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Langmuir Supercells: A Mechanism for Sediment Resuspension and Transport in Shallow Seas

Science  10 Dec 2004:
Vol. 306, Issue 5703, pp. 1925-1928
DOI: 10.1126/science.1100849

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Abstract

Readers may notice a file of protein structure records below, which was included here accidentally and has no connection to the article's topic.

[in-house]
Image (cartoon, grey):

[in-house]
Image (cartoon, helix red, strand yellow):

Recent measurements at a cabled sea-floor node in 15 meters of water off the coast of New Jersey suggest that Langmuir supercells, Langmuir circulations that achieve vertical scales equal to the water depth under extended storms, are an important mechanism for major sediment resuspension events on the extensive shallow shelves off the eastern U.S. coast. Because sediment resuspension is a prelude to transport, supercell events are a necessary condition for major sediment transport. Such events may also contribute to shelf-sea exchange and to offshore gradation of benthic community structure in shallow seas.

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